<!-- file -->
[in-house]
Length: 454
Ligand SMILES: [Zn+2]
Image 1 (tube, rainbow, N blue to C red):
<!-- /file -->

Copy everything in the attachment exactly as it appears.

[in-house]
Length: 454
Ligand SMILES: [Zn+2]
Image 1 (tube, rainbow, N blue to C red):